We in the news media wish the incoming administration success in all its endeavors. As journalists and as citizens, we commit not only to do journalism right and better, but also to uphold and defend free speech, free press, free expression, and the people’s right to know. #


List of media organizations and outfits that published this editorial: 

Philippine Press Institute (PPI)

National Union of Journalists of the Philippines (NUJP)

Philippine Daily Inquirer

Philippine Star

Philippine Center for Investigative Journalism (PCIJ)

Notre Dame Broadcasting Corporation (NDBC)

Mindanao Cross

Mindanao Gold Star Daily

Sun.Star-Cagayan de Oro

The Journal

The Freeman

Bicol Today

College Editors Guild of the Philippines

Kodao Productions


Philippine Collegian

Eastern Vista

Pahayagang Balikas

Banat News

Northern Dispatch

Panguil Bay Monitor

Mindanao Monitor

Catarman Weekly Tribune

The Standard

Lanao del Norte Today

Panguil Bay Monitor

Mindanao Monitor

Eastern Vista

Panay Today

The Manila Standard


ACT for just and lasting peace

The Alliance of Concerned Teachers (ACT), celebrating its 34th anniversary, and joined by the “Thousand Doves” campaign of the Pilgrims for Peace gathered at the Peace Bell in Quezon City on June 26, 2016 in support of the upcoming peace talks between the government and the National Democratic Front of the Philippines (NDFP). Children made paper cranes and flew kites for the peace campaign. ACT is an affiliate of the International League of Peoples’ Struggle (ILPS) Philippines chapter.

(Contributed video by ILPS Philippines)

Workers support peace talks

Workers led by the Kilusang Mayo Uno (May First Movement) trooped to Mendiola, Manila on June 24, 2016 to support the peace talks between the National Democratic Front of the Philippines (NDFP) and the government under President-elect Rodrigo Duterte. They called for the release of all political prisoners.

(Contributed video by ILPS Philippines)

Victims call on Duterte to stop ‘demolition business’

VICTIMS of a recent demolition of an urban poor community along Luzon Avenue in Quezon City called on President-elect Rodrigo Duterte to investigate the unjust destruction of their houses.

The residents said that the Quezon City government and a court sheriff authorized the demolition despite their failure to present a court order. Read more

Progressives ready ‘wish-list’ for Duterte

Economic development workshop.PROGRESSIVE GROUPS from various sectors and regions gathered at the University of the Philippines yesterday for the “Pre-Summit to People’s Change” to discuss various issues they hoped would be addressed by the incoming Rodrigo Duterte administration.  The list will be presented at the National People’s Summit on June 29, also at UP.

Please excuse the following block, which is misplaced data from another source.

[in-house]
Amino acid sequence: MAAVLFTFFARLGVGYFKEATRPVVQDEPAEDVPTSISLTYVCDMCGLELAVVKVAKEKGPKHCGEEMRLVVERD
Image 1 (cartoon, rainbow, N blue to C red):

Initially a broad 15-point agenda, the forum divided the list into four issues: economic development, social policy, corruption and government, and peace and human rights.

Read more

STREETWISE:Peace Talks 101

By Carol P. Araullo

The significance of peace talks resumption between the government and the National Democratic Front of the Philippines (NDFP), the revolutionary umbrella organization that includes the Communist Party of the Philippines-New People’s Army (CPP-NPA), is not as easy to appreciate and be enthused about as one would think. The subject matter is complex and its prolonged history full of twists and turns. Many times, optimistic rhetoric has given way to recrimination and impasses. Read more

Interview: There are no problems if I don’t go to the Philippines–Sison

NATIONAL DEMOCRATIC FRONT OF THE PHILIPPINES (NDFP) Chief Political Consultant Jose Maria Sison told Kodao Productions there are difficulties in carrying out his plans for a homecoming in July.

In a Skype meeting with then candidate for the presidency Rodrigo Duterte several weeks ago, the now President-elect expressed his desire to meet his former professor for a one-on-one meeting.  After Duterte’s victory in the May 9 national elections, both he and Sison announced plans for Sison’s homecoming to affect the meeting. Read more

Duterte, NDFP peace teams agree to resume formal talks

The National Democratic Front of the Philippines (NDFP) and President-elect Rodrigo Duterte’s peace team agreed to resume formal negotiations next month with a historic joint statement last night in Oslo, Norway (1 am, Manila time).

In a successful conclusion to their two-day exploratory talks, both parties also agreed to discuss in their formal negotiations the affirmation of previously-signed agreements, accelerated process for the negotiations, reconstitution of the NDFP list of Joint Agreement on Safety and Immunity Guarantees (JASIG)-protected personnel, amnesty proclamation of all political prisoners, and mode of interim ceasefire.  Read more

Oslo talks conclude successfully